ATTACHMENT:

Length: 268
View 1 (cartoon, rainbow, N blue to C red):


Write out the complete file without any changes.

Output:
Length: 268
View 1 (cartoon, rainbow, N blue to C red):